The importance of timber prices and other factors for harvest increase among nonindustrial private forest owners
Peer reviewed, Journal article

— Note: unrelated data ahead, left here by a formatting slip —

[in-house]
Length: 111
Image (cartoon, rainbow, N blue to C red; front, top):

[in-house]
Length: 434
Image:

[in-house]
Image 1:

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Increased harvest is high on the forestry and climate policy agenda in several countries. We explored to what extent private non-industrial forest owners in Norway are willing to increase harvest due to elevated hypothetical prices by carrying out a national-wide survey of forest owners. The results indicate that owners who have not harvested timber for sale the last fifteen years do not respond to large price shifts. Instead, ownership objectives and knowledge of a key policy instrument predict willingness to enter the timber market among these owners. The willingness among owners who have sold timber the last fifteen years depends on these factors, in addition to price, forest area, income and gender. Female owners were significantly less willing than male owners to increase harvest. Once the decision to harvest was taken, the stated timber supply volume per area unit decreases with productive forest area both among active and inactive owners. With regard to sources of information, owners who have not harvested timber the last fifteen years use to less extent the information sources other owners do. Forest policies and extension services should acknowledge that for stimulating forest owners outside the timber market to supply wood,other factors than price are important, and that alternative information pathways should be explored for reaching these owners.